Judicious Symmetries: Audra Wolowiec at Visitor Center in Newburgh Through November 26 | Chronogram Magazine

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Judicious Symmetries

Audra Wolowiec at Visitor Center in Newburgh Through November 26


Last Updated: 11/01/2021 12:10 pm
Concrete Sound, cast concrete with pigment, 2020
  • Concrete Sound, cast concrete with pigment, 2020

Audra Wolowiec has given herself an impossible task: to describe sound in visual terms. All of her work attempts to make the invisible visible. Her show “Sound Mirror” will be at the Visitor Center gallery in Newburgh until November 26.

Wolowiec’s “waveform” images are loosely based on photographs taken by Berenice Abbott for science textbooks from 1958 to 1960, using a ripple tank to demonstrate principles of waves: refraction, reflection, interference, etc. (Though Abbott is a master of modernist photography, these innovative experiments are little known.) Wolowiec makes her own paper and reproduces wave patterns by creating images with paper pulp. “It’s almost like painting with paper,” she explains. All the “waveform” works are black and white, but some of the paper is made with abaca, a species of banana plant that gives a warmer, slightly yellower tint.

The paper is still aqueous while she’s working, so it’s difficult to perfectly control the results: The lines wobble and sometimes merge. These chance elements are part of the artist’s intention; the paper is “talking back” to Wolowiec. As she attempts to depict waves, other waves are interfering.

Two “waveform” pieces are displayed together, so they mirror one another. Together they suggest the spinning blades of an electric fan, or a spider web, or an explosion. You can see that the paper is handmade by examining the ragged edges. Four of the larger paper works (40” x 30”) are in vertical glass cases so that both sides are visible. Wolowiec’s training is in sculpture, so even her paper works are conceived in three dimensions.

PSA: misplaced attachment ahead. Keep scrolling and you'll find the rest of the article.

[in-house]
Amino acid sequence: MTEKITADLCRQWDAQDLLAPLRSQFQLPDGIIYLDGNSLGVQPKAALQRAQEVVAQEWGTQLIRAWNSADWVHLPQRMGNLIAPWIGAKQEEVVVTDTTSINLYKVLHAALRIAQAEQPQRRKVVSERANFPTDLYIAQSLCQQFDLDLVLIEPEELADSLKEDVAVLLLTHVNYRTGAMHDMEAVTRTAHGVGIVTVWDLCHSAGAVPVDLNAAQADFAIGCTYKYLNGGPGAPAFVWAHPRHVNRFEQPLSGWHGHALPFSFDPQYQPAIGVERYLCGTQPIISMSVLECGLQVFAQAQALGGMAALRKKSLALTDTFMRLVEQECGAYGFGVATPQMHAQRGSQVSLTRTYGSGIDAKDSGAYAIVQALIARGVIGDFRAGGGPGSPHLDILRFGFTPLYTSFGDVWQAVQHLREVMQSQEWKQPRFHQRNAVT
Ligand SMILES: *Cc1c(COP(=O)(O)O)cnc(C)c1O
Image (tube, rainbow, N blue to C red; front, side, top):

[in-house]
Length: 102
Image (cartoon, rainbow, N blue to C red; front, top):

Some of the “waveforms” are white on white. These pieces almost disappear when viewed from a distance—they emit a ghostly glow.

Also in the show are sculptures entitled “concrete sound.” Their prong-like shapes are taken from insulation in anechoic chambers, rooms designed to be totally silent. The avant-garde composer John Cage walked into such a chamber in 1951 and heard two sounds: one high, one low. “What are those sounds?” he asked the technician afterwards. He was told that the low tone was the circulation of his blood, the high one his nervous system functioning. In other words, the body itself is a musical instrument. This story is one inspiration of Wolowiec’s sound-based sculptures.

After graduating from the University of Michigan, she worked at Pewabic Pottery, a ceramic studio in Detroit founded in 1903 as part of the Arts and Crafts movement. There she learned how to cast and fire clay tiles, a technique she has adapted to her work with concrete. The pieces in Concrete Sound were formed by pouring liquid concrete, mixed with black pigment, into rubber molds. No kiln was required. The pieces are arranged in repetitive patterns; Wolowiec has a knack for judicious symmetries.

For some reason, these sculptures remind me of chocolate—perhaps the sheen of their surfaces. I have never seen concrete so delicate. Though it is the most ubiquitous manmade product in the world, concrete has been largely overlooked by artists.

“Sound Mirror” is the first show at the Visitor Center gallery, the handsome ground floor of a dignified 1880 red brick building in Newburgh. Eva Zanardi, the gallery director, worked for two years at the GR Gallery in Manhattan, which specialized in op art. She also runs an art consulting business. Zanardi and her husband moved to Newburgh last October. They live on the top floor of the building; his design studio is on the second floor.

"Sound Mirror" will be on display at Visitor Center in Newburgh Through November 26.

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